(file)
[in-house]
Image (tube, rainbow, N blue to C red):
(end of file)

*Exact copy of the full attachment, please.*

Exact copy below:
[in-house]
Image (tube, rainbow, N blue to C red):